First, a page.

Backyard Voodoo

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When Scott Meadows was growing up in Medford, he liked to watch his grandfather graft peach and pear trees for Harry and David. His grandpa showed him the age-old propagation method that involves joining a branch from one plant, called a scion, to the rootstock of another plant in the same family. The hardy rootstock allows the scion to mature into a more robust plant that produces fruit identical to the scion’s parent.

Grafting is often used for propagating fruit trees and rose bushes that don’t grow true to type from seed. In recent years, it’s become trendy to create botanical curiosities by grafting two or more scions with different characteristics to the same rootstock. An example is the “Ketchup and Fries” plant made from joining a tomato plant and a potato plant.

As a kid, Meadows was amazed when his grandpa created new peach and pear hybrids through grafting. This phenomenon occurs when cambium tissue at the juncture of the two plants not only generates new cells to knit the plants together, but also creates cells that combine genetic characteristics of both plants. It’s asexual species crossbreeding.

Last year, Meadows, now 50, decided to use what his grandpa had taught him about grafting to combine two of his favorite marijuana strains. He grafted Lemon Diesel, an indica-dominant hybrid, onto a plant of a pure indica strain called Purple Kush. The grafted plant produced new stalks of Lemon Diesel and Purple Kush; in addition, the plant produced a third stalk that was clearly different from either parent.

Meadows documented the process of grafting a new cannabis hybrid on video.

Last fall, Meadows looked at a flowering bud from the hybrid stalk magnified 1600X under a miniature microscope, and he was astounded to see a purple gland pulsating like a heartbeat. “I’ve been growing for more than 10 years, and I’ve never seen anything like that before,” Meadows said.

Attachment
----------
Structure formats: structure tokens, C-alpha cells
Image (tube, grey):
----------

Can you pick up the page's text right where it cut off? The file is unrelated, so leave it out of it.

The hybrid stalk produced about 3 ounces of bud (out of 2-1/2 pounds from the entire grafted plant), and Meadows named the new strain Voodoo Kush. Testing showed the THC level at 29 percent, whereas the average THC composition of Purple Kush is 18 percent, maxing out at 27 percent. Lemon Diesel, a 70 percent indica often recommended for anxiety and stress-related conditions, has a much lower THC level with an average of 13 percent.

Meadows saved the Voodoo Kush seeds from last season. He sowed a second generation of plants indoors in January, and then transplanted four starts into his outdoor garden the second week in March when they were 8 inches tall. He planted them in the ground in full sun and has continued to water through the summer by hose in the morning and evening to keep the soil moist. He fertilizes regularly with worm tea, bat guano and fish emulsion when the plants need extra nitrogen.

Insects haven’t been a problem for the plants, which Meadows attributes to healthy plants and “releasing a lot of ladybugs in my backyard.”

In fact, Meadows loves the growing conditions of Southern Oregon. “I’m thankful to live here, because the Rogue River and Siskiyou National Forest area is noted as one of the most perfect places to grow in the U.S.,” he said.

The Medford grower has grown medical marijuana for the past 10 years for his friend who is battling lung cancer. “I’m not into growing for quantity,” Meadows said. “I want to help my friend have a better quality of life.”

Meadows boasted the Voodoo Kush strain he produced last year was the best thing his friend had ever tasted. He tried some, too, and described the effect as a “happy, high-energy high.”

In early September, his four plants were flowering at 9 feet 8 inches tall and 3 feet in diameter, and Meadows has friends replicating the grafting process he began last year “to see if we can do it all again.”

Meadows has high expectations that the second-generation crop will outperform last season’s in yield, taste and THC level.

“But we won’t know for sure ‘til the end of the cycle,” he said.


Try propagation through grafting

It’s not hard to propagate cannabis by grafting, and maybe you’ll even create a new hybrid like Scott Meadows did.

Whip and tongue, or bench, grafting, is commonly used in the spring when joining younger plants with stems about the same size and no larger than a pencil width in diameter.

Use a sharp, clean knife or razor blade to make a smooth slant cut 3/4 to 1 inch long on the root stock several inches above the top root. Cut downward to the center of the stem (be careful not to go through too much of the stem). Then make a matching 3/4- to 1-inch cut on the bottom of a scion stem that is about 5 inches long.

Join the scion to the rootstock stem, pushing the two together to create a tight contact. Use grafting tape, pine tar, molasses or another adhesive to hold the juncture firmly together.

Use fishing line or stakes to hold the grafted plant erect and reduce pressure on the healing union. Place plants under lights indoors for 12 to 14 hours and keep the soil fertile and moist until the union heals. Harden off and set outdoors when frost risk has ended (late April in most of our region).

Rhonda Nowak is a Rogue Valley gardener, teacher and writer. Email her at For more about gardening, visit her blog at



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